The final step is to season with patis (fish sauce) and ground pepper. Fish sauce really elevates this dish but if you don’t have it, just use salt. I haven’t tried this with soy sauce, but I don’t recommend it, as it would really alter the flavor of the dish.

Fish sauce varies from brand to brand (especially based on which country it’s from). Start with a tablespoon and add more if needed. I use Rufina brand fish sauce — It’s what I grew up with and the flavor brings back a taste of home.

Some people are afraid to use fish sauce because of the smell — it really doesn’t smell good. But I tell you, when added as an ingredient, you don’t even “taste the smell.” Fish sauce gives a dish that extra “umph” or umami. Use the fish sauce as a condiment for this dish. You might need to add a little more when you eat it with rice.

Kain Na! (Eat now!)

Munggo is eaten with steamed rice, usually Jasmine or a short-grain rice. Please, for the sanity of Asians everywhere, do not eat this with “American-style” rice. I’m talking about the buttered or boil-in-a-bag kind of rice. I like to top this dish with crushed chicharron. It adds a fun crunch to when eaten immediately and as it gets soft, it gives the meal a little bounce. Add patis as needed and enjoy!

Serve munggo over rice

Munggo Guisado – Filipino Mung Bean Stew

A hearty Filipino dish of mung beans, pork, shrimp, tomatoes and greens. Measurements are approximate — the recipe ingredient amounts can be adjusted to your taste.

Course Main Course
Cuisine Asian, Filipino
Keyword filipino, mung beans, soup, stew
Prep Time 45 minutes
Cook Time 15 minutes
Servings 6
Author Melissa Hiatt


  • 1 cup Dried Mung Beans
  • 5 cups Water
  • 1 tsp Salt (Omit if using dried shrimp)
  • 8 oz Bacon
  • 1 medium onion, minced
  • 3 cloves garlic, minced
  • 1 cup chopped tomatoes
  • 4 cups Baby Bok Choy (You can use any cooking greens such as spinach, bok choy, bittermelon leaves, etc.)
  • 1 cup peeled shrimp* raw or pre-cooked
  • Patis (Fish Sauce) and black pepper to taste
  • Crushed Chicharron / Pork Rinds (optional)


  1. In a medium pot, bring water, salt and mung beans to a boil, uncovered, on medium-high heat. If using dried shrimp, omit the salt and boil the shrimp with the beans.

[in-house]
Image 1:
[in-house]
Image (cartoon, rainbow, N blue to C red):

Reduce heat to low and boil for 30-45 minutes. Check water level every 10 minutes, making sure that the water has not been fully absorbed. Add more water if necessary, only adding enough to level with the beans.

    Beans are cooked when they slightly burst and are softened. Remove from heat and set aside.

  2. In a large pot, on medium heat, add bacon and cook until fat is rendered out. Add onions and garlic and sauté until softened. Add tomatoes and sauté until slightly evaporated and softened.

  3. Add the undrained beans and simmer until the stew has thickened. You can add more water if you prefer a more soupy dish.

  4. Add bok choy (or preferred greens) and cook until wilted. Add shrimp and cook for about 2 minutes until the shrimp just turns opaque. If using pre-cooked shrimp. Turn off heat and add the pre-cooked shrimp and serve once the shrimp is thawed.

    Season with patis until desired saltiness is achieved. Add pepper to taste.

  5. Serve over steamed rice, preferably Jasmine or a short grain rice, and top with crushed pork rinds if desired.

Recipe Notes

* Reduce shrimp to 3 tablespoons If using mini dried shrimp. Dried shrimp has an intense, salty flavor.

To save time, cook rice and prep your ingredients while the beans are boiling.